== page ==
A Answers (3)
Honor Society of Nursing (STTI) answeredScientists are studying whether fibromyalgia has any effect on the immune system. This much is known: The symptoms of fibromyalgia can mimic those of common autoimmune disorders. An autoimmune disorder occurs when the body's immune system, which normally defends against germs and other invaders, mistakenly attacks healthy tissue. Autoimmune disorders such as rheumatoid arthritis, celiac disease, and others can cause symptoms such as pain, fatigue, and gastrointestinal problems. These are also common symptoms of fibromyalgia. If you are experiencing these and other symptoms, particularly persistent pain, see your doctor.Helpful? 1 person found this helpful.
Mehmet Oz, MD, Cardiology, answeredFibromyalgia's relationship with the immune system remains a bit of a mystery. The immune system is your body's defense system. It springs into action when germs enter the body, rallying chemical defenders to kill bacteria, viruses, and other threats. However, sometimes the immune system develops a glitch and attacks healthy tissue. That's the problem in lupus, rheumatoid arthritis, and other autoimmune diseases.
Here's where things can get a little confusing. If you have fibromyalgia, you may be referred to a rheumatologist. These doctors treat autoimmune disorders. However, the key feature of these diseases, inflammation, doesn't occur in fibromyalgia. And some common treatments used to reduce inflammation haven't proven effective for fibromyalgia in studies.
But just to add a twist, studies have shown that people with fibromyalgia often do have high levels of immune cells called cytokines -- which are needed to produce inflammation. This much is clear: The link between fibromyalgia and the immune system needs further study.Helpful? 3 people found this helpful.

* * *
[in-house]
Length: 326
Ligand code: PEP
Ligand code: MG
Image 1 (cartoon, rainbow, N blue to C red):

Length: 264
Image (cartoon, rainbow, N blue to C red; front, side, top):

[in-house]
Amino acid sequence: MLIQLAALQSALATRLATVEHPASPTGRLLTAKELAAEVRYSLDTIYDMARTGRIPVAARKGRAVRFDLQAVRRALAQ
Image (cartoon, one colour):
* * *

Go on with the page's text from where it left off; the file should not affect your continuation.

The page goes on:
Celeste Cooper, Rheumatology, answered
There are several studies that suggest there is a connection between fibromyalgia and the immune system. This is because the immune system is also regulated by the command systems in the brain that seem to be out of kilter in FM.
The effect depends on what part of the immune system is not working as it should. Following are some studies that might help you understand why there is no one certain answer to the question. You can search them at http://www.ncbi.nlm.nih.gov/pubmed
Carvalho LS, Correa H, Silva GC, Campos FS, Baião FR, Ribeiro LS, Faria AM, d'Avila Reis D.May genetic factors in fibromyalgia help to identify patients with differentially altered frequencies of immune cells? Clin Exp Immunol. 2008 Dec;154(3):346-52.http://www.ncbi.nlm.nih.gov/pubmed/19037919
Coaccioli S, Varrassi G. Chronic degenerative pain: an update on abdominal pain in comparison to rheumatic diseases. J Clin Gastroenterol. 2011 Aug;45 Suppl 2:S94-7.
Irwin M, McClintick J, Costlow C, Fortner M, White J, Gillin JC. Partial night sleep deprivation reduces natural killer and cellular immune responses in humans. FASEB J. 1996 Apr;10(5):643-53.
Lekander M, Fredrikson M, Wik G.Neuroimmune relations in patients with fibromyalgia: a positron emission tomography study. Neurosci Lett. 2000 Mar 24;282(3):193-6. http://www.ncbi.nlm.nih.gov/pubmed/10717424
Şimşek I. Irritable bowel syndrome and other functional gastrointestinal disorders. J Clin Gastroenterol. 2011 Aug;45 Suppl 2:S86-8.
All blogs, posts and answers are based on the work in Integrative Therapies for Fibromyalgia, Chronic Fatigue Syndrome, and Myofascial Pain: The Mind-Body Connection by Celeste Cooper, RN, and Jeff Miller, PhD. 2010, Vermont: Healing Arts press and are not meant to replace medical advice. http://www.thesethree.com
Find out more about this book:Integrative Therapies for Fibromyalgia, Chronic Fatigue Syndrome, and Myofascial Pain: The Mind-Body Connection